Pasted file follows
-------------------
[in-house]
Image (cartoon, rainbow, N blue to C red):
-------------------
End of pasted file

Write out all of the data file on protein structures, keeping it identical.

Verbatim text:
[in-house]
Image (cartoon, rainbow, N blue to C red):